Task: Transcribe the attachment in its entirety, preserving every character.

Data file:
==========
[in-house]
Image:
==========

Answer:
[in-house]
Image: